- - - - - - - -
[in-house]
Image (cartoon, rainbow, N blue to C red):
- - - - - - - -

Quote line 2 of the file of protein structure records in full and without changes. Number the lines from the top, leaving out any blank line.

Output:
Image (cartoon, rainbow, N blue to C red):